Punk's Not Dead: Glass Heroes and Lower Class Brats at the Brickhouse
Glass Heros lead singer Keith Jackson
By Niki D'Andrea
Better than: Picking at a scab.
The all-ages crowd kicked up quite a mosh pit at the Brickhouse on Thursday for a handful of blisteringly fast and loud punk bands. The hot pink mohawks and raised fists were flying as Domestic Combat, Rotten Youth, Glass Heroes, and Lower Class Brats rattled the roof of the downtown venue.
Back-to-back strings during Domestic Combat
Domestic Combat opened the show with a lot of thrash-punk riffs and pummeling beats, inspiring a pretty vicious mini-pit. The young, 5-piece band from Phoenix was very bouncy, and the guitarist kept jumping up and kicking the wall (later, he climbed on the PA). Their sound overall reminded me of a cross between Poison Idea and Minor Threat. In fact, the last song of their set was a cover of Minor Threat’s “Seeing Red.”
Rotten Youth's lead singer Jordan gets heavy on the mic.
The next band was Mesa’s Rotten Youth, and they tore it up with a hard ‘n’ heavy gutterpunk sound. The singer’s voice was very high and screechy, and reminded me of old early ‘90s punk band Filth. They had a fierce pit of about 60 punks singing along and slamming into each other. Most rockin’ of all was the band’s incorporation of cowbell into one of its anarchistic onslaughts.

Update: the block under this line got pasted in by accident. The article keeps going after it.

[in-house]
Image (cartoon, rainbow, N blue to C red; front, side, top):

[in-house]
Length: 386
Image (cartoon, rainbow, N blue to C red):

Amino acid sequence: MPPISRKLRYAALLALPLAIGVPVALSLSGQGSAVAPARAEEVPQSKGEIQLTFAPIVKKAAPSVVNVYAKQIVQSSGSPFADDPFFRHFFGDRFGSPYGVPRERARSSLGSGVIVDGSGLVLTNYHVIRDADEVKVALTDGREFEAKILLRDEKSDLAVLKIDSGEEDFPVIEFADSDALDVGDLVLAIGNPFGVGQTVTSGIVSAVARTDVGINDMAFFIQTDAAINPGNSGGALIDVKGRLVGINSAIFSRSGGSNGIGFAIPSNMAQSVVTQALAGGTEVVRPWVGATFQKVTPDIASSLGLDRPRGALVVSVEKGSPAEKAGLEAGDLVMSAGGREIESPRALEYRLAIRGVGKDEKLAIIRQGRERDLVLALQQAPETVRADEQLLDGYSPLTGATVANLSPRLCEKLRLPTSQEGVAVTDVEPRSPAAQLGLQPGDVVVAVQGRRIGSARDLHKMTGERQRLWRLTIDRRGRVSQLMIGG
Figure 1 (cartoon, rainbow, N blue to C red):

Phoenix mainstay Glass Heroes hit the stage around 10 p.m., a little later than scheduled, and suffered through some sound problems throughout their set. They put their usual heart and soul into their brand of melodic garage punk, but the guitars kept cutting out. Finally, frontman Keith Jackson said, “This is a lot of fun. What are ya doing, blowing a breaker? Well, we’re doing two more songs and then we’ll bring out Lower Class Brats.”
Stevie D, Keith Jackson and Steve Shelton (left to right)
The Heroes did play some material off their upcoming CD (produced by Rat Scabies of the Damned), showcasing some Ramones-ish riffs and Jackson’s deep, defiant voice, reminiscent of Iggy Pop. Even though the band cut its set short, they had the crowd grooving to the old school vibe.
The audience still had plenty of energy by the time Lower Class Brats took the stage, and they exploded into a bouncing, slamming sea of bodies when the band ripped into its first song. There was some crowd surfing, and somebody got kicked. “That was a big boot to the head,” the singer commented afterward, before the band launched into “A Sing-Along,” and the crowd complied, roaring out “whoa-oh’s” and pumping their fists.
By the time I left the venue, my ears were ringing from all the rickety tenor and I smelled like somebody else’s spilled beer. But I knew I’d gotten a full night’s worth of inspired punk rock.
Random detail: At least a dozen people were wearing T-shirts bearing logos of punk band The Adicts.
Personal bias: I was hopped up on energy drinks and Girl Scout cookies.
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